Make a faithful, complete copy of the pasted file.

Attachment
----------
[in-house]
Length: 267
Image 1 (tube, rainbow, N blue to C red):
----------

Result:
[in-house]
Length: 267
Image 1 (tube, rainbow, N blue to C red):